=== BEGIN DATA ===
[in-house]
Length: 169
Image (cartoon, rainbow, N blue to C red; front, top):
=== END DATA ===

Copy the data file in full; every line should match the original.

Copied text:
[in-house]
Length: 169
Image (cartoon, rainbow, N blue to C red; front, top):